At The Motley Fool, we poke plenty of fun at Wall Street analysts and their endless cycle of upgrades, downgrades, and "initiating coverage at neutral." While the pinstripe-and-wingtip crowd is entitled to its opinions, we've got some pretty sharp stock pickers down here on Main Street, too. (And we're not always impressed with how Wall Street does its job.)
Given that, perhaps we shouldn't be giving virtual ink to "news" of analyst upgrades and downgrades. And we wouldn't -- if that were all we were doing. Fortunately, in "This Just In," we don't simply tell you what the analysts said. We also show you whether they know what they're talking about. To help, we've enlisted Motley Fool CAPS, our tool for rating stocks and analysts alike. With CAPS, we track the long-term performance of Wall Street's best and brightest -- and its worst and sorriest, too.
Top o' the Morgan to you!
Once upon a time, a well-timed investment in Kinder Morgan Inc.
Janney initiated coverage of two additional flavors of Kinder Morgan this morning: master limited partnership Kinder Morgan Energy Partners
That yield's got to attract dividend-seekers. But there is one downside -- as a master limited partnership, investing in KMP involves dealing with a small paper blizzard of 1099 and K-1 forms that must be filed with the IRS at tax time. Enter Kinder Morgan Management with a solution. As a purveyor of "institutional shares" targeting institutional buyers, KMR doesn't pay cash dividends. Instead, it distributes additional shares in lieu of cash -- thus avoiding much of the tax-accounting complexity of KMP. According to Janney, there's only one other "I-Share" company out there today, Enbridge Energy Management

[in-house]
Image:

Or so thinks Janney. But is it right?
Let's go to the tape
Initial indications look good. According to our CAPS stats, Janney ranks in the top 10% of investors we track. It's not deeply involved in natural gas investing, but the one bet it has made in the industry -- a circa-2008 recommendation of Clean Energy Fuels
But the "Kinder Morgans" may not work out so well for investors, and the reason is their price. KMI, now returned to the public markets (but struggling), costs about 23 times next year's projected earnings. Janney-fave KMR is even pricier at a forward P/E ratio of 27. And on this basis, KMP is most expensive of all -- 31 times its 2012 estimated profits.
Meanwhile, analysts have all three stocks pegged for single-digit earnings growth for the next half-decade, which tells me that the P/E ratios on offer here are way too expensive for the growth prospects. I suspect investors at today's prices stand a snowball's chance in Texas of making money on natural gas through investing in these overpriced equities.
Fact is, if you're looking for a way to lose money on natural gas just as fast as humanly possible, and enjoy filling out extra forms at tax-time, you might as well just invest in the granddaddy of bad nat-gas investing ideas, the U.S. Natural Gas
A better idea
On the other hand, if you want to make money in natural gas, my advice would be to avoid all of the companies discussed above, and make a beeline for ExxonMobil
What's your favorite play on natural gas? Tell us about it below, and recommend it on Motley Fool CAPS!
Fool contributor Rich Smith does not own (nor is he short) shares of any company named above. You can find him on CAPS, publicly pontificating under the handle TMFDitty, where he's currently ranked No. 455 out of more than 170,000 members. Fools may not all hold the same opinions, but we all believe that considering a diverse range of insights makes us better investors. The Motley Fool has a disclosure policy.